News

Programs are Pushing for More Suicide Prevention in Missouri

Posted: Feb 4, 2013 9:28 PM by Emily Hauger
Updated: Feb 5, 2013 7:01 PM

Rating: 5.0 (1 vote)

COLUMBIA - Missouri currently ranks 22nd on the list of deaths by suicide, nearly two percentage points above the national average. In the most recent Boone County Mental Health Survey, 13.4 percent of students in 6th-12th grade reported considering suicide in the past year.

For that reason, experts are speaking out and raising awareness about suicide prevention in Mid-Missouri.

Scott Perkins, Director of the Missouri Youth Suicide Prevention Project, stressed the need for early intervention. He cited recent surveys that reported children as young as 8-years-old reporting they had suicidal thoughts. The MYSPP works to educate kids about what they are feeling and teach them coping mechanisms. Perkins said the earlier intervention and education will help save lives down the road.

Resources are available across the state to educate people about the warning signs of suicide. Some of the most common signs include:

  • Talking about suicide or wanting to die
  • Increased substance abuse
  • Drastic change in sleeping patterns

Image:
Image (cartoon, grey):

• Isolation from friends and/or activities
  • Extreme mood swings and/or increased anger and rage

Click here for a list of more warning signs.

There are also many free programs to help people recognize signs and know what to do once they identify a crisis situation. Missouri Ask, Listen, Refer is a free, online program for community members that takes roughly 20 minutes to complete. The MU version of the program is available at http://www.asklistenrefer.org. It teaches how to recognize potentially harmful behavior and where to seek help. The National Suicide Prevention Lifeline (1-800-273-TALK (8255)) provides free, 24/7 access to trained crisis workers who will talk about problems and direct people to further mental health services in their area.

Individuals are speaking out too. Beth Eiken lost her son to suicide in October 2009 and started a foundation in his memory. The Stuart B. Eiken Foundation, or the Stu-22 Crew, raises awareness about teen suicide and promotes efforts to prevent suicide. The foundation also works with the Boone County Suicide Prevention Coalition to provide resources and education about suicide.

KOMU First Alert Weather

Most Popular